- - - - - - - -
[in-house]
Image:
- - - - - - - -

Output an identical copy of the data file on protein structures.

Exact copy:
[in-house]
Image: